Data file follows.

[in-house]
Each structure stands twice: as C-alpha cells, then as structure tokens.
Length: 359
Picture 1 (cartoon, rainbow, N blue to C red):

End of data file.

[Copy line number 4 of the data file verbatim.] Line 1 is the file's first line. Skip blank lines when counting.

Picture 1 (cartoon, rainbow, N blue to C red):